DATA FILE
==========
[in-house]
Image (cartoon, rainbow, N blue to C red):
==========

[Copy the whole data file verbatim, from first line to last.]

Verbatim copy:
[in-house]
Image (cartoon, rainbow, N blue to C red):